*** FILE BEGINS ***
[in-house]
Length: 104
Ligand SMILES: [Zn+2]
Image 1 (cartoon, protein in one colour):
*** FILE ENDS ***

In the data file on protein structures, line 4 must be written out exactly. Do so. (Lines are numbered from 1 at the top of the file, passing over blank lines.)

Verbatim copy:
Image 1 (cartoon, protein in one colour):